It’s not all plain sailing

I went to a party last night. I was the only person not drinking. Nobody except the hostess noticed until my boyfriend mentioned it later, after someone mentioned how hilarious we were particularly after a few drinks. It made me feel good that I could be seen as great fun, despite being the ‘sober one’. Even after that, nobody asked me why I wasn’t drinking, or even commented on it. Which was nice. I’ve not really had to explain myself yet.

The start if the night sucked. I got to the party, which was really more of an intimate gathering, the sole purpose being to drink and chat. I developed a headache within a few minutes of arriving. I thought very seriously about drinking. Just one can of beer, that were out in the cellar for anyone to take as they pleased. Nobody would bat an eyelid. I’ve not been as tempted so far as I was then. I was truly convinced that had I a beer that my headache would go away and I’d feel better. 

I contemplated what I would do with this blog. I thought I’d delete it, and just forget about the past 49 days. I didn’t want to have to write a post about how I’d given in. So I would just delete all evidence and pretend I had never tried.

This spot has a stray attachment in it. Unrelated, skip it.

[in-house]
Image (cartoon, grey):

I had a sort-of arrangement planned with a friend for early his morning. It wasn’t true, and there was a big chance that it wouldn’t go ahead. I decided to text her and ask her. I would take a yes to mean that I shouldn’t drink. She didn’t respond for ages. Eventually she said that she would let me know early in the morning but it was looking to be unlikely. That was the answer I was looking for. I could drink and cancel the plans without feeling guilty.

But for some reason I didn’t drink. After a while it didn’t bother me so much anymore. The longer I was at the party the less I wanted to drink. I moved to a different part of the room where the light wasn’t getting in my eyes and my headache lifted. It got late. I just didn’t do it in the end. I bargained with myself, promising myself some chocolate cake when I got home as a reward for my not drinking. I usually do not eat anything unhealthy so this was a good incentive. I thought about the cake every now and then throughout the night.

Throughout the night I was told lots of drunken tales. I frequently thought to myself “wow, I’ve never done THAT.” I thought to myself that I was probably a “better drinker” than the majority of the people at the party. I still think that’s true. I hated them for a minute, being able to be happy with their drunken life.

I ended up having a great night. I really let loose, and acted as ridiculously and without inhibitions as I would when I’m drunk. But only the positive ways. I stayed at the party until the end. I got into bed with my cake at 5am. I didn’t feel relief like I had before. The cake was good though.